In 2005 Boris Johnson came to Great Yarmouth where I was the parliamentary candidate. I went to pick him up and take him to the event we had planned. He was accompanied by a journalist who was following him around collecting material for a profile they were writing. Sitting in the front passenger seat Boris was answering their questions, reviewing proofs of the Spectator which he was editing by telephone, and talking to me – all at the same time. He was already famous as a journalist and as a politician. I asked why, when he was already so successful and could be a great editor of The Daily Telegraph, was he bothering with politics? His answer was simple “because you can get things done.”
He spoke at the event I had arranged and then insisted on doing a walk through the town and talking to as many people as he could. As he met more people so his energy and enthusiasm grew. He stayed much much longer than he needed to. I have always remembered that day with appreciation. Boris is deadly serious about his politics – about winning, governing and delivering. His opponents have spent far too long on personal attacks and not focussed on his political skills.
Boris is no blowhard. He is not our Donald Trump. Thinking it, let alone saying it, is to completely miss the chasm that divides the two personally as well as politically. There are few politicians in modern times who have been subjected to such sustained personal abuse as Boris Johnson, and yet it is hard to find any speech, column, or tweet where he has dished out anything akin to what he has received.
He is highly intelligent and literate, widely read and with a skill for using words – spoken and written – that is unmatched by any other politician or columnist. He radiates an enthusiasm and interest in others that drives his opponents and competitors almost to the point of distraction.
Boris allies these attributes to three vital instincts necessary for political success – winning, discipline and building a good team around him to deliver his objectives. The first instinct is a deeply Conservative one – how best to help and support people, how to encourage a vibrant economy, how to focus government on doing what is necessary and stop it becoming an instrument of interference and meddling, and nurturing the sense of community and nation that pulls the country together.
The second instinct, discipline, is reflected in something he has done three times already – as London Mayor, in No 10, and with his general election winning team. Now he will set about refreshing both his Number 10 team and his government. Nobody should go on mistaking Boris for anything other than a disciplined and focused leader. He was after all the London Mayor that deemed it necessary to fire a Metropolitan Police Commissioner. His seriousness of purpose should be understood.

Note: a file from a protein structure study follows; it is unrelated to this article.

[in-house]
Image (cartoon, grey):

The Queen’s Speech this week will reveal much about what his immediate ambitions are. Brexit, of course, will be first on the list. Also Whitehall reform – moving and changing departments to signal new priorities and give the Whitehall machine an overhaul, using government procurement to support British business, deliver new investment in northern infrastructure and services. We can expect constitutional reform too, overhauling the House of Lords, tackling head on the issue of Scottish independence, giving more significant devolution of power to the regions. A big programme to go with the big majority.
Two other things are worth immediate thought: the swift repeal of the Fixed Term Parliament Act (FTPA) and moving government, at least part of the time, out of London. The FTPA has been pernicious and corrosive. No single piece of constitutional innovation has done as much harm to our democracy and to the reputation of Parliament as this ill thought through Cameron/Clegg initiative. A government, any government, should not be sustained in office when it has lost its natural House of Commons majority by its political opponents trying to do it damage. A Prime Minister should be free to call a general election when they want to. A swift repeal of the FTPA is in everyone’s interests, should be uncomplicated, and every MP should support it.
For too long too much political power has been concentrated in Whitehall. The introduction of mayors has proven the system works well, but the sense of "London" being too remote and different is potent. Government should spend more time in places other than London. It is a suggestion that always attracts ridicule when it is made but there is no good reason why Parliament should not sit in Edinburgh, Manchester, Birmingham and Cardiff. There is no reason why Cabinet ministers, and even the Prime Minister, should not be based for some of the time in one of the great northern cities.
Symbolism matters as much as money and promises in politics. There would be no greater symbol of the new government’s new priorities than parliament meeting on a regular basis in the northern half of the country, with all those who ministers and officials meet with travelling outside of London – you’d soon see roads, railways, wifi and all the rest of it improving swiftly.
This Boris victory demonstrates that Britain, in a very British way, is accommodating the political revolution sweeping across North America and Western Europe inside its systems and processes. We are not seeing civil unrest, riots and strikes in this country as we do sometimes in many of our European neighbours when political change happens. Generally, we prefer to exercise our views through the ballot box.
Nonetheless, it is a revolution and it shows every sign of continuing and needing a response in the years ahead that will deliver real, meaningful and permanent change in the conduct and delivery of national policy. This Boris has understood. He has changed his party now he will change the country.